College to recruit at 14 for apprenticeship route
Leeds City College has announced plans to recruit at 14 to create a pathway for pupils to become apprentices. From September, the college will offer 30 places in its 14+ Apprenticeship Academy, rising to 60 places a year in 2015. Pupils will study for five GCSEs, including English, maths and science, along with a vocational subject at level 2, such as engineering or retail. The college said the subjects on offer align with job opportunities in the region. In the first year (equivalent to Year 10), students will spend five days a week in the college; in the second year, they will spend one day a week with an employer. After two years, they can either move to an apprenticeship or remain in full-time education at college or sixth form. "The academy will deliver an apprenticeship offer linked to real employment opportunities and provide high-quality programmes for 14-year-olds," said Emma Sullivan, the college's 14-19 partnership manager.
Outstanding to inadequate in just four years
Liverpool Community College has been rated inadequate by Ofsted just four years after it earned an outstanding grade. Inspectors said that too many students were leaving the college without qualifications, and that achievement varied significantly between courses. In 2009, inspectors said pass rates were at or above the national average, although retention rates were low on many courses. Overall pass rates fell from 73.6 per cent in 2009 to 71.6 per cent in 2011. In the latest report, inspectors said attendance was low and lessons were disrupted by students arriving late, while too many lessons were "not good enough", with insufficient checks on students' learning. But Ofsted said that the new leadership under Elaine Bowker recognised the "historical underperformance" of the college and had taken measures that improved pass rates last year.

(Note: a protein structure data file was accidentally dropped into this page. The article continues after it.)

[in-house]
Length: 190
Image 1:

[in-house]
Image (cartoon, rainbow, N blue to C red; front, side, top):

New head for council of college principals
Middlesbrough College principal Mike Hopkins (pictured) has been appointed chair of the Principals' Professional Council (PPC). The organisation, now affiliated to the Association of School and College Leaders, has represented college principals and deputies for 80 years. Mr Hopkins paid tribute to his predecessor, Newbury College principal Anne Murdoch, and said he wanted the PPC to have a greater influence on policy debates. "I want to work to increase membership," he said, adding that the council currently has more than 160 members. "Principals have a unique view of the system. I want to work with the Association of Colleges and other groups to make sure that the voice of principals will be heard." Mr Hopkins will be working with PPC general secretary Nick Lewis, former principal of Castle College Nottingham.
You're hired, Ofsted says to apprentices
Ofsted has become the latest public sector organisation to recruit its own apprentices, with five recruits scheduled to join in April. They will be trained in customer service skills while working in the inspectorate's National Business Unit in Manchester, as part of a civil service drive to recruit 500 apprentices a year. "Embarking on an apprenticeship gives young people an alternative route into a professional career, allowing them to earn while they learn," said Matthew Coffey, Ofsted's director of learning and skills. "There are some outstanding opportunities for young people to enter a high-status vocational pathway, but there need to be more of them and young people need to be made more aware of the range of vocational routes that already exist in this country." An Ofsted spokeswoman said that the decision about which provider would be selected to train the apprentices has not been finalised.